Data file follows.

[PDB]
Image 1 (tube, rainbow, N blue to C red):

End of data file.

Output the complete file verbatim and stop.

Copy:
[PDB]
Image 1 (tube, rainbow, N blue to C red):